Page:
Posted in food bourne outbreak, food contamination, food handler, Food Hygiene, Food Illness, Food Inspections, Food Micro Blog, Food Microbiology, Food Microbiology Blog, Food Pathogen, food recall, Food Safety, Food Safety Alert, Food Spoilage, Food Testing, Food Virus, Norovirus, Uncategorized, Virus
A common bacterial pathogen called Pseudomonas aeruginosa produces a virus that substantially increases the pathogen’s ability to infect us, according to a study by investigators at the Stanford University School of Medicine.
P. aeruginosa weaponizes its resident virus to exploit the immune system’s distinct responses to bacterial versus viral infections.
This marks the first time a bacteria-infecting virus, otherwise known as a bacteriophage or just phage, has been observed inducing the immune system to mount an antiviral response and, in doing so, causing it to ignore the bacterial infection. When the scientists generated a vaccine directed at the virus, they showed that it dramatically lowered the bacteria’s ability to infect wounds in mice.
Food Poison Journal
The Georgia Department of Public Health Northwest Health District officials have confirmed a case of hepatitis A in a food handler at McDonald’s, 106 LaFayette Road, Chickamauga, GA. An investigation found that this employee worked at the restaurant while infectious, from March 4 through March 17. While it is relatively rare for restaurant patrons to become infected with hepatitis A virus due to an infected food handler, “there might be some risk to the public,” says District Health Director Dr. Unini Odama, “and therefore we are doing everything necessary to protect the public and anyone that might have been inadvertently exposed to the hepatitis A virus.”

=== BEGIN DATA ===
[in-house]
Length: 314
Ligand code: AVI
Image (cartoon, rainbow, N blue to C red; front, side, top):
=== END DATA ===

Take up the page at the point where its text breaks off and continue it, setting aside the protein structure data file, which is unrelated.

Posted in food handler, Food Hygiene, Food Inspections, Food Micro Blog, Food Microbiology, Food Microbiology Blog, Food Pathogen, Food Safety, Food Safety Alert, Food Testing, Food Virus, Hepatitis A, Uncategorized, Virus
Food Poisoning Bulletin
A case of hepatitis A has been identified in a Frisch’s employee who worked in two of the restaurant’s locations: at 1228 Scioto Street in Urbana, Ohio, and at 1830 Bechtle Avenue in Springfield, Ohio. The Champaign Health District and the Clark County Combined Health District are working to vaccinate all restaurant employees.
Posted in food handler, Food Hygiene, Food Micro Blog, Food Microbiology, Food Microbiology Blog, Food Pathogen, Food Safety, Food Testing, Food Virus, Hepatitis A, Uncategorized, Virus
Oyster farming is the pride of this small town in the south of Croatia’s Adriatic Sea coast. But tasting the famed local delicacy may not be a good idea at the moment.
Authorities have detected norovirus, which causes diarrhea and vomiting, in parts of the Mali Ston bay—triggering shock and alarm among the breeders.
The traditional oyster-tasting feast in March has been canceled and fears are mounting of huge financial losses to the local community that harvests about 3 million oysters each year.
Experts are pointing their fingers at the outdated sewage system in the area that has seen a rise in the numbers of tourists flocking to Croatia’s stunning Adriatic coast.
“I am really sorry but people themselves are to blame that something like this happened,” explained Vlado Onofri from the Institute for Marine and Coastal Research in nearby Dubrovnik. “It’s something that has to be solved in the future.”
While some stomach bugs can be eliminated with cooking, norovirus survives at relatively high temperatures.
“The problem with oysters is that they are eaten raw,” Onofri said.
Posted in food contamination, Food Hygiene, Food Inspections, Food Micro Blog, Food Microbiology, Food Microbiology Blog, Food Pathogen, food recall, Food Safety, Food Safety Alert, Food Testing, Food Virus, Norovirus, Uncategorized, Virus